So, from this point of view, the pedaling of the lower system is certainly out of question. The alternative pedaling on the first system is probably closest to a modern Bach-pedaling. However, even that is a bit much. First of all, I would say most pianists would change the pedal for the 1/16th notes, too. Secondly, at least I would in most cases only use the pedal at the end of a note, because using it for the whole note easily makes the sound thick (this depends on where and with what you play). With the end of a note I mean the end of the sounding note. For example, I would probably not let the dotted 1/8 notes sound for their whole duration. Thirdly, I would use half-pedal in most cases (this is partly because the pedals are so short that it becomes a lot of work to use a full pedal every time).

In short, modern Bach-pedalling usually consists of lots and lots of little pedals (or no pedal at all, especially for fast pieces). Where you put these depend on many things. Usually you don't want a thick sound, you don't want to muddy the ornaments, you don't want to connect too many notes, etc. etc. Yet still you don't want a dead sound.

So, a very short answer to the question is: the pedaling Busoni suggests for his arrangement is not at all what pianists would do when playing the original piece.


If you want to perform Bach, I do not believe that you should be concerned with any editor's pedal markings whatsoever. Do not think that the score markings of a famous editor are any more important than your own ideas about how the piece should be performed, particularly with regard to a composer like Bach. Bach wrote for the harpsichord and organ, and never wrote in things like dynamic markings, pedal markings, or any interpretive markings like "largamento pomposo" or "non troppo legato". So play the pieces the way that make sense to you and you alone. Don't slavishly copy the interpretive markings of someone who lived long after Bach died. Just use those markings as a starting point and figure out your own interpretation.

  • That is true, but not what I'm asking for. As a rule of thumb one should find out what he/she think is the best. And I agree that, those expression text like “largamente pomposo” are something the music itself suggests, and exist even non-verbally. But, here I'm asking about the Bach - Busoni edition; a massive edition with thousands of pages, not the Bach's manuscript. I'd like to know the professional opinions [maybe citation from a book or review] about the genuinity of those (pedal) markings.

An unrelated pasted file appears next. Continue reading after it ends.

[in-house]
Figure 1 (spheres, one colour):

– Libera Me
    Commented Nov 18, 2013 at 6:49

I would not take the Bach-Busoni edition as an authority. Busoni actually rewrote music because he felt he could do a better job. Your best bet is to obtain a good Urtext edition such as one by Henle which is devoid of all the extra markings.

Using pedal in the Baroque music is not the same as it is in the Classical or Romantic period. You use it to enhance the music, make it come alive, rather than to blur and soften.

Playing the Baroque period on the piano requires both staccato as well as legato. The harpsichord, remember was a plucked-string instrument, while a piano is a struck string like the clavichord, but only 1000% louder!

Keep in mind that we don't want to emulate the harpsichord, but what we want is the clarity. Using dynamics is okay on the piano, and Bach would have done the same if he played the music on the clavichord, which like the piano is quite capable of dynamics. Terracing dynamics is somewhat a debated subject.

I recently heard a rather heated discussion between two pianists on this. One said we should play terraced dynamics, while the other being a more historically trained performer, said this wasn't true to the music and is something that came about in the 1940 and 1950ss with the rediscovery of Baroque music and so-called historical practice. Interesting... My more recent teacher had me play with long dynamic lines and not the terracing while an earlier teacher had everything in big sudden, loud, soft, steps. Go figure...

The thing is keep in mind that you want to do things in moderation. Too much pedal and you have a blur, just like too much dynamics which will change the character of the music.